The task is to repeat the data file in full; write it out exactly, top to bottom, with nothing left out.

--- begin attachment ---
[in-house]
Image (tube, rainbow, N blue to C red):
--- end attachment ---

[in-house]
Image (tube, rainbow, N blue to C red):